I learned my lesson with the first pregnancy: be patient. Caleb came eight days late, so I wasn’t surprised when I went past my due date (10/14) with baby #2. This time, however, I was determined to be patient and avoid the torturous walks, pineapple core, and evening primrose oil. But, I have to admit that we had a preference: Josh and I really wanted our baby to come before he started his unaccommodating Emergency Medicine rotation on 10/21. So, we prayed for her arrival and rested in the peace that God knows best.
On Friday, 10/18, I woke up to dull, menstrual-like cramps. I remember being cautiously optimistic since Josh was off work, it was a gorgeous fall day, there was a full moon that evening, and it seemed like the perfect time to have a baby. Too perfect, right?! I told Josh about the cramping, and he started timing these “contractions.” They lasted for an hour and were about four minutes apart, so Josh jumped out of bed and started getting his bag together and told me to call the hospital. With little pain and a 40-minute drive to the hospital, I was reticent to call my doctor, but I acquiesced. I was Group B Strep positive, so if I were to be in labor, I would need antibiotics as soon as possible. I spoke to a nurse who told me to come to the office, located adjacent to the hospital, to check out things.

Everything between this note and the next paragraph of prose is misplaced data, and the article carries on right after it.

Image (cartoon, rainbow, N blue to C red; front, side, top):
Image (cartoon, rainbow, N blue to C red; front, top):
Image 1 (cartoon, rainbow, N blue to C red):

Once our babysitter, my father-in-law, arrived, we got in our van, and the contractions stopped. I had maybe two contractions on the way to the hospital. Our spirits were a bit dampened, but it was a gorgeous day, so I remarked that this was a great opportunity to just enjoy some alone time in the car. And, IF, we were sent home, we must stop by Dunkin Donuts to make our outing worthwhile 🙂